1. A paperboard tray for retaining lading between upstanding walls of the tray, the lading having upper ends extending above the walls and presenting a non-planar supporting surface for the positioning thereon of a similar lading-loaded tray in a stack, said tray comprising, a floor member between the walls, the floor having a top surface upon which the lading rests and a bottom surface, a plurality of integral fiber-like protuberant means on the bottom surface of and extending from said surface whereby in a stack of such trays the protuberant means of one tray engage upper ends of the articles in the next lower tray in a stack of such trays to prevent one tray from slipping inadvertently relative to the other, and in which said protuberant means are formed as parts of perforations in said top surface extending toward said bottom surface and projecting downwardly therefrom.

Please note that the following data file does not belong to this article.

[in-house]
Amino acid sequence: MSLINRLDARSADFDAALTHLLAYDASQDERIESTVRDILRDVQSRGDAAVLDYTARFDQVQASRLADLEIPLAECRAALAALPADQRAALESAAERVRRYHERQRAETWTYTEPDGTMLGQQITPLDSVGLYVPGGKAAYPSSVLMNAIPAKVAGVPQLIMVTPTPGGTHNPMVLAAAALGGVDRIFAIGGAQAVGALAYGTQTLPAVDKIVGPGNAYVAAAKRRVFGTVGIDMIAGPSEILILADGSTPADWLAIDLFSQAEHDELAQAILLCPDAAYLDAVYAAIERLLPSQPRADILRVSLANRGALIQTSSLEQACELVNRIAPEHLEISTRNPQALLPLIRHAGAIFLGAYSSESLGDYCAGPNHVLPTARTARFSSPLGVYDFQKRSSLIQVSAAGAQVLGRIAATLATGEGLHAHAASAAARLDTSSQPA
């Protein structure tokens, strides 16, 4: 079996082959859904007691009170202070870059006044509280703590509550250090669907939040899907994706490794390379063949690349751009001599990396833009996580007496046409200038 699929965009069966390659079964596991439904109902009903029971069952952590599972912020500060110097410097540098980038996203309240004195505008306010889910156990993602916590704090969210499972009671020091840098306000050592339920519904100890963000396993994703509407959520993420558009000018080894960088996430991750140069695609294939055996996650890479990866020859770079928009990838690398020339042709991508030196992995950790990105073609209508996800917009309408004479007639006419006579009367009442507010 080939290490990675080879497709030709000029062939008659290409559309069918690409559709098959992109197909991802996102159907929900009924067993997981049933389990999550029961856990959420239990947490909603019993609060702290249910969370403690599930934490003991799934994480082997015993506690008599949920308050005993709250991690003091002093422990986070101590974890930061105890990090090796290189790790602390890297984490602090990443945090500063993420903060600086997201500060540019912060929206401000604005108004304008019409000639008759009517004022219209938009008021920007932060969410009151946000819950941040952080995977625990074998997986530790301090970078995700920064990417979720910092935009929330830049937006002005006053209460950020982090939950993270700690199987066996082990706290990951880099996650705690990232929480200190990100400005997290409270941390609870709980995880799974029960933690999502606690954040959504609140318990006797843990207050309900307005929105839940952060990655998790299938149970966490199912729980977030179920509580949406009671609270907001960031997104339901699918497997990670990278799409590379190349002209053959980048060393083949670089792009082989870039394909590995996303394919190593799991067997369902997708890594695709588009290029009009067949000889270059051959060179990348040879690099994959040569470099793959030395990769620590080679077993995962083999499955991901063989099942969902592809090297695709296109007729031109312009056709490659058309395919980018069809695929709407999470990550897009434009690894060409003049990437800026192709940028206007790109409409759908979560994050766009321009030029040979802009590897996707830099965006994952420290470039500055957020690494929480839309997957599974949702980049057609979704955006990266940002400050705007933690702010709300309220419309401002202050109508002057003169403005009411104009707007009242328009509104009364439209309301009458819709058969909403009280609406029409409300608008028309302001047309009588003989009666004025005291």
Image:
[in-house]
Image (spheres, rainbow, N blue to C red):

2. A paperboard tray as claimed in claim 1 in which the means are protuberances arranged in a plurality of spaced apart, closed geometric formations upon the bottom surface.
3. A paperboard tray as claimed in claim 1 in which the lading is a plurality of cans and the protuberant means engage the rims of said cans.
4. A paperboard tray as claimed in claim 3 in which said protuberant means are arranged in a plurality of circular formations spaced apart along said bottom surface the major extent thereof for advantageous engagement with the cans.

1. Field of the Invention

This invention relates generally to disposable paperboard containers, and more particularly, to such containers having anti-skid protuberant means on the under-surface thereof to prevent a stacked tray of containers from slipping or sliding inadvertently one with respect to another.